If China’s internet is any sign of how walled off its metaverse will be, expect a firm hand from authorities, strict rules forbidding certain content, and plenty of fines and warnings when companies go astray.
China’s internet is often called an intranet because it is so censored that it resembles a completely separate network of sites, apps, and financial technology offerings. It is strictly monitored by sophisticated technology and an army of thousands of human “sanitizers.”
The metaverse in general is envisioned to be a virtual world through which the internet facilitates cutting edge interactive and computer-generated experiences. The concept has gained such momentum—and the prospects are so lucrative—that
has estimated the metaverse could be worth $8 billion globally once it begins disrupting current technologies,
said last month that China’s market alone would be worth that much.
Over the last few months, we’ve gotten glimpses of what a Chinese metaverse might eventually look like, with the latest coming this week.
State-owned Bank of China’s securities arm recently published a document saying “that the metaverse is a potential path to common prosperity, and the evolution of the metaverse-related organizational route cannot be separated from the top of the government.”
The latter utterance is an obvious nod to the top ranks in Beijing, but so too is the phrase “common prosperity,” a sort of mantra Chinese President Xi Jinping has been touting to do several things—among them impart a chilling effect on overly large corporations and individuals whose extravagant wealth appears to make a mockery of the “communist” part of the Communist Party.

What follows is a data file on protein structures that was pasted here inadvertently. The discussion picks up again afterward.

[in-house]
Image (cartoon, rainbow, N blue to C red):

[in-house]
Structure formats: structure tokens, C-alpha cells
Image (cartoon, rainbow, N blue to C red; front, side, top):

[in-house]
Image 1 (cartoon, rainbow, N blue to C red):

Thus the Chinese metaverse must be a contributor to the common good, refrain from creating monopoly-level players, and fall under the same strict control as other forms of digital media in the country.
According to the document, one way this will be done is by granting special power to the three big state-owned telecoms:
(762.Hong Kong), and
(728. Hong Kong). Dozens of Chinese news outlets ran with the story.
In fact, quietly in October, the China Mobile Communications Association’s metaverse industry committee was set up in part to help select metaverse-related companies. But the latest news reinforces that the major telecoms will be big players, if not steerers, of the nascent industry.
Furthermore, the government embrace of the metaverse is both incentive and warning. Late last year, an influential government think tank published a report laying out all the possible ills the technology could bring, from the “corruption and addiction of youth,” to “technological hegemony.” In January, the National Intellectual Property Administration began a spate of metaverse trademark applications.
But recently, regulatory rhetoric put enough fear into investors to cause a fall in the share prices of some of China’s biggest players.
A metaverse-only think tank—Yuanchuang Metaverse Research Institute—recently rated the contenders for success in the emerging field, based on a number of metrics, including technology, capital, and trademark approvals. The top six were
(700.Hong Kong), telecom giant Huawei, e-commerce leader
Alibaba Group Holding
(BABA), search and AI specialist
(BIDU), gaming and music company
(NTES), and Tik-Tok developer ByteDance.
“The market sees the new vistas of possibility. These technologies may be combined and merged to shape a new digital world, which could have a fundamental impact on the existing digital life,” Li Zheng, a researcher at think tank China Institutes of Contemporary International Relations (CICIR), told Chinese media recently.
New players are sure to emerge with meteoric rises, as Chinese corporate dynamics is known for. Time will tell just how tight the government grip squeezes the sector.